In Barbie Birth, the maternity photographer Katie Moore invites us into a private moment in the life of the iconic doll: the birth of her child. Following the plastic princess from the moment she goes into labor to her first breastfeeding session, the photographs read like an eerily polished family photo album. Ken and Nurse Barbie aid the birthing doll as she goes through her home birthing process; all three never break their ... Read More
The Seven Year Itch
Some amazing and as yet unnamed photographer has invited the vivacious residents of a nursing home to recreate the most touching instants captured in classic films. Using digital images, the artist’s lens allows the resident to explore fantastical worlds, from Mary Poppins’s UK to NYC circa Breakfast at Tiffany’s. The crude composite work done on the images only adds to their charm, placing the playful and witty subjects ... Read More
The photographer Lijun Liao is dating a man five years her junior, creating a personal dynamic she once thought impossible. Speaking of her girlhood in China, the artist explains, “I used to think I could only love someone who is older and more mature than me, who can be my protector and mentor.” She still faces opposition for the age discrepancy, and her male friends often compare her role in the heterosexual relationship to that of a man. Fed ... Read More
From the prolific Carrie Mae Weems, an artist whose work continues to courageously touch on the oppression, objectification, and isolation of African American women, comes “The Museum Series,” a brilliant and confrontational collection of photographs representing art history and museum culture’s exclusion of minority female voices. Most textbooks and museums alike catalogue mainly the cultural and creative histories of white men, ... Read More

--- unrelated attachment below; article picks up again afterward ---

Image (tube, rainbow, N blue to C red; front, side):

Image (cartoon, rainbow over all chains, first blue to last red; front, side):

The best portrait photography is about connection; it’s about breaking through social and cultural barriers that divide us and searching for something universally human within another’s eyes. And yet, we are surrounded by photographs of homeless people that portray them as less than human; too often, they are shot without dignity or respect. These images fail to recognize the homeless as individuals with stories as complex and unknowable as our ... Read More
The glorious lady photographer Elena Shulimova lives on a farm, where she and her sons care for and frolic with dogs, cats, bunnies, and even ducklings. In the vein of other starkly maternal photography like that of the renowned (and controversial) Sally Mann, Shulimova lovingly and expertly captures the innocence and experimentation of childhood within the context of the natural world.
Without a hint of condescension or sentimentality, ... Read More
Lena Dunham’s first Vogue cover story will be appearing in the magazine's February 2014 issue.
The spread, shot by the ultra famous Annie Leibovitz, includes images of the doe-eyed Dunham dressed in some serious high fashion pieces, posing in various typical New York scenes while her Girls co-star Adam Driver and her dog Lamby attempt to share the spotlight. Personally, I think that even the way she is holding her hands while resting them on Driver’s ... Read More
After someone dies, their image and defining characteristics take on new meaning. The first image I recall when I think of my grandmother is often her hand; I imagine it jumping across the pages of fairy tales she read to me, and sometimes I even slip on her opal ring and imagine myself as her, acting out the rhythmic motions. The idea that part of her continues to live within me is as comforting as it is unsettling; although we longer take Victorian-style ... Read More
Mermaid mythology reaches far and wide, informing the ways in which cultures view young women: they are fertile, tempting, majestic, and powerful. Able to empathize with human beings, they inhabit worlds of fantasy and terror, luring fisherman away from their daily catch with sweet music and sweeping gestures of the tail.
In her series Milk & Sea, the photographer Hana Vojáčková imagines the mermaids ... Read More
Our media has the tendency to bombard us with dehumanizing images of the female body. Instead of presenting women as fully-realized individuals, it dissects us into sexualized parts like “breast,” “butt,” or “thigh.” The photographer Roger Weiss explains this sort of objectification thusly: “The image of women of our times has been reduced to a pattern, a combination of codes and models that lead to the ... Read More